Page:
The amount of information that is available on the hidden years is limited; however, once again Stewart Bailey, at the Museum in McMinnville, Oregon, was kind enough to provide a few additional details. Below is his email:
The best material I have seen on the “hidden” years of the Spruce Goose is in Charles Barton’s Book; “Howard Hughes and His Flying Boat.” In the book, he talked with a number of Hughes associates who told him about what went on during the years that it was stored.
Hughes made many changes to the aircraft both internal and external, after the one and only flight. One of the most noticeable on the outside is the addition of two rows of stiffeners bolted to the outside on each side of the tail, where the tail cone attaches to the rest of the fuselage. The story is that during the flight, there was a lot of flexing of the tail which caused Hughes a great deal of anxiety. The stiffeners were an attempt to strengthen that area, which was an acknowledged “weak spot” on the aircraft. Internally, Hughes made a number of changes including a fire suppression system, the addition of a “swamp cooler” and the spiral stair case that goes up to the flight deck. (The original access was via a simple ladder.)
On the flight deck itself he re-arranged the controls to make it more user friendly, which included modifying the control panel to wrap around the pilot’s position where he had more access to various switches. Prior to that, he had had to ask the engineers seated behind him at the Engineering station to perform certain tasks rather than do them himself. He also modified the throttle arrangement. Originally he only had four throttles; one to regulate two engines at a time. He modified it to eight throttles, allowing him to control each engine individually.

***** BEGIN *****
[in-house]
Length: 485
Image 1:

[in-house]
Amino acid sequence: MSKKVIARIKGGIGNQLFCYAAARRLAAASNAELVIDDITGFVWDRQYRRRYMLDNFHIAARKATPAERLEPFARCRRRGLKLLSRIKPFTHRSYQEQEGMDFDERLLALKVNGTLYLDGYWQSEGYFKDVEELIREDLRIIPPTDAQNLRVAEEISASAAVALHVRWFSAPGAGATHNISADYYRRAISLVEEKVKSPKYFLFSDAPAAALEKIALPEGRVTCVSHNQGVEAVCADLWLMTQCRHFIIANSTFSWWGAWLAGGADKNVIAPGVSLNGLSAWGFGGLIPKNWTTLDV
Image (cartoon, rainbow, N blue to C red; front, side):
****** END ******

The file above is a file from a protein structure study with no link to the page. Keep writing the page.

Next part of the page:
In one of the more bizarre incidents of it life in captivity, the Spruce Goose was damaged by a flooding incident in September, 1953. So much oil had been pumped out of the ground on Terminal Island, where the plane was hangared, that the island actually sank. This, tied in with an unusually high tide caused the aircraft to float up until the tip of the tail smashed into the roof of the hangar. The top of the vertical tail was repaired and the hangar cleaned after the flood, but the airplane today still bears scars from that incident, which were discovered during the cleaning and restoration process back in the 1990s. After the flood, the hangar building was also enlarged to keep the airplane from ever again bumping the ceiling.
All the best,
Stewart W. Bailey-Curator
Evergreen Aviation & Space Museum
500 NE Captain Michael King Smith Way
McMinnville, OR 97128
That’s it for the this week and I want to again thank Stewart Bailey for his contributions to my effort to tell a story about the Goose that is hopefully more telling than what you may find on the web. Have a good weekend, keep friends and family close, and remember all Aviators are “Gatekeepers of the Third Dimension.”
July 4, 2014